The issue with testing in low code and no code isn’t just with the platforms themselves. It’s what happens when they’re connected. While these platforms are safe in their isolated bubble, the connections created between them open them up to additional quality, security, and compliance risks.
These tools that are built by low code developers could touch dozens of points in the enterprise ecosystems. With no testing gates in place, well-meaning but inexperienced developers could create issues that trickle system-wide, causing downtime for users, threatening user credentials, or violating data sharing agreements.
We’ve returned to that early phase of development, where we create code first and worry about testing later – if at all. We’re relying on human-delivered QA processes that lead to bottlenecks, errors, and misconfigurations. That didn’t work out well for me early in my career, and I doubt it will work any better on a mass scale.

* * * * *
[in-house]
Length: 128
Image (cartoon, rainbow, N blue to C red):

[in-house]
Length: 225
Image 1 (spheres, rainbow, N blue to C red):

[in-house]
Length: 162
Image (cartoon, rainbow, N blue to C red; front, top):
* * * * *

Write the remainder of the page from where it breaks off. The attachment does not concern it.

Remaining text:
Building a Test-Driven Enterprise Through DevSecOps
Testing is a building block of Agile development, DevOps and the Software Development Lifecycle (SLDC). As software development grew more complex, we realized we needed to address errors n a more proactive way. We developed ways to test software at granular levels, and across complex ecosystems.
Functional test automation is a common EX improvement. As tests in the functional category are predictable, enterprises have moved to automate many of them, removing mundane tasks from already burdened developers. However, in the low and no-code environment, there are thousands of connections to consider. How is an enterprise supposed to manage that many tests? Some have taken a test-first approach.